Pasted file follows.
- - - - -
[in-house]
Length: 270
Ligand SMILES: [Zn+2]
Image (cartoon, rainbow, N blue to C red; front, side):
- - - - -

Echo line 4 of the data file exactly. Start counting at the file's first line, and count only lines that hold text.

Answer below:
Image (cartoon, rainbow, N blue to C red; front, side):